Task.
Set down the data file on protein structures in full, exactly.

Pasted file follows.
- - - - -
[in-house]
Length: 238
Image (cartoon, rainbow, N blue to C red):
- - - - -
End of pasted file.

[in-house]
Length: 238
Image (cartoon, rainbow, N blue to C red):